12 Tips to co-parent teenagers from a mum who’s been there

Coparenting teenagers | Beanstalk Mums

There’s lots of advice available about how to co-parent with young kids, but less for co-parenting with teenagers.

Is this because, as they are older, they are expected to cope?

Hopefully not because having co-parented toddlers to teens, I can tell you that teens need just as much support, if not more.

Here is some genuine advice from my own experience to help if you are co-parenting your infuriatingly wonderful teens.



If, like was the situation in our family, the separation happens while your children are young, you might expect them to be “used to it” by the time they hit their teens years.

And yes, they might have accepted being co-parented as their new normal, but as they grow, they will have new perspectives on the situation. This, in turn, will create new questions and might need different coping mechanisms.

For example, as they learn more about human behaviour and relationships, they might question “why” their parents relationship broke up and want age-appropriate answers.

Be ready for new emotions and allow your teens to express them.


Understanding teenagers is a minefield!

This is because their brains are changing and developing during these all-important years.

It also explains why your once-sweet child may turn into the Exorcist overnight (yes, I half expected to see my daughters head turn 360 degrees at the dinner table).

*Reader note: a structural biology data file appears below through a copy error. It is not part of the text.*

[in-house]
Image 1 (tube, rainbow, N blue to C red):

These changes in the adolescent brain can cause many issues such as their inability to communicate, erratic behaviour, different sleep patterns and so much more.

I’m no scientist but I found The Teenage Brain by Frances E Jensen hugely helpful in guiding my teens as a co-parent. Rather than being annoyed by their new exasperating habits, my newfound knowledge allowed me to show compassion and understanding which definitely helped to calm the farm.


Teens have a lot going on. Even more so if they live between two homes.

Each parent is likely to be laying down new teenager rules, possibly different ones, and this can be confusing and overwhelming.

Pulling back on some rules is an effective way of making them feel understood. It also shows that you trust them and that you’re on their side.

I know this goes against the grain, but I have honestly found that leniency can be more effective, so long as their safety is not jeopardised in any way.